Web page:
Do we question enough? Do we seek to replace old information – or traditions, with better understandings? Are we re-teachable? Do we re-renew our minds, or stand on old information because searching is work?
There’s an old game with a great lesson – several people line up side by side, then the 1st person whispers a short story to the 2nd person in line. The 2nd person repeats it to the 3rd, and so on, until the last individual tells the group what they heard. The outcome is usually quite amusing, and the longer the line, the more the story changes. Sometimes it is quite unrecognizable from the very 1st whisper given.
Certainly, not all traditions are lies. They can be comforting; meant to be a place of truth or commonality that everyone can share – like Pumpkin Pie at Thanksgiving, at least at my house. Tradition, however, should be qualified by scripture. The death of a longstanding lie, or tradition, occurs when people realize they have listened and believed without fact checking – without putting the verse in context, so they know that its meaning is the same as when it was originally spoken. That’s one reason God urged early New Testament (NT) followers to write things down. A lot of arrogant, or misinformed people were leading new believers astray, like the Jewish converts that demanded circumcision as an “entrance fee” to the new faith. Paul spoke against this practice as the numbers of non-Jewish people entering the faith was growing rapidly.
Gal 6:15-16 For in Christ Jesus neither circumcision nor uncircumcision avails anything, but a new creation. And as many as walk according to this rule, peace and mercy be upon them, and upon the Israel of God. NKJV
The civilization of that era was based in many oral traditions, and many stories were recited thousands of times to crowds of people and children, so they learned the lesson by heart, and without variance. They weren’t whispered into a single ear – they were “shouted” to many, and the many repeated back as one, over and over again. That is how their faith remained pure. A single person whispering lies would hit an insurmountable wall of people who knew the truth, and there the lie would fall to its death.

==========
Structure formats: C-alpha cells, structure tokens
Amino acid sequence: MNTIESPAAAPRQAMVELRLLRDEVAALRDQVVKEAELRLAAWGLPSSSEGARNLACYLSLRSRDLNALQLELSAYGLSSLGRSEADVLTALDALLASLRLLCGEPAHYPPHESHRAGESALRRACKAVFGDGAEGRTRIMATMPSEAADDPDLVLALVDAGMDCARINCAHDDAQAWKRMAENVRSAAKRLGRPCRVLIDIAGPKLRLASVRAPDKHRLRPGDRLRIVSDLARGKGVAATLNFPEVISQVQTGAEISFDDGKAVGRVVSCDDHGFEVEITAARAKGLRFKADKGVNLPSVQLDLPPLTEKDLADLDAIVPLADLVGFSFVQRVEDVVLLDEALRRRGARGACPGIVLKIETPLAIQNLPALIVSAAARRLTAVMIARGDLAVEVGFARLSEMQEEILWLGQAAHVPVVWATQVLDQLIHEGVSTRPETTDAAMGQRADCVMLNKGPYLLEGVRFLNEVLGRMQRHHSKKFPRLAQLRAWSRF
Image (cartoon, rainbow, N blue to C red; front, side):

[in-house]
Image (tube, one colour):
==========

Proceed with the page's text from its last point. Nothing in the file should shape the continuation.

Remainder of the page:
As the world grew and people of faith either went out into it, or resided in that world without a lot of support, and needing a foundation to share by, letters were written to help them understand, remember (Phil 3:1), and share their faith effectively. These “books” (the NT) became the wall that lies would hit, and die.
Even children are called to embrace their faith with personal zeal rather than just walking contentedly in their parents’ shadow, without fact checking. If we only walk in the shade of others, we’ll fall when we have to walk on our own. The “bright lights” of opposing viewpoints never openly dealt with can blind us to truth when we have not embraced it for ourselves. John (the Baptist), and Jesus Christ are examples of children who pursued their personal relationship with God, and were mighty ministers because of it. (Of course, their families, leaders, and synagogues encouraged and participated in their growth.)
Lk 1:80 So the child (John) grew and became strong in spirit… NKJV
Lk 2:40 …the Child (Jesus) grew and became strong in spirit, filled with wisdom; and the grace of God was upon Him. NKJV
Young people are also called to reason with people of faith, to learn, and to share their understanding and respectful zeal.
Lk 2:41-47 His parents went to Jerusalem every year at the Feast of the Passover. And when He was twelve years old, they went up to Jerusalem according to the custom of the feast…Now so it was that after three days they found Him in the temple, sitting in the midst of the teachers, both listening to them and asking them questions. And all who heard Him were astonished at His understanding and answers. NKJV (Special note – I am NOT advocating that you ditch your parents in a crowd! 😊)
At what point do we have the skill to teach? That is up to our own efforts, our elders, and God, who is patient with us. In the NT we see people enter discipleship to teach as late teens (like Timothy in Acts) or much later in life, like Nicodemus (John 3:1-21), depending on when they heard God’s Truth, and pursued it.
For devout Jews, like Paul, who was an expert in OT knowledge, it meant going back and re-evaluating, praying through what he had been taught against the truth of Christ now lain before him.
Ac 9:11-19 So the Lord said to him (Ananias), “Arise and go to the street called Straight, and inquire at the house of Judas for one called Saul of Tarsus, for behold, he is praying. And in a vision he has seen a man named Ananias coming in and putting his hand on him, so that he might receive his sight.” …So when he had received food, he was strengthened. Then Saul spent some days with the disciples at Damascus. NKJV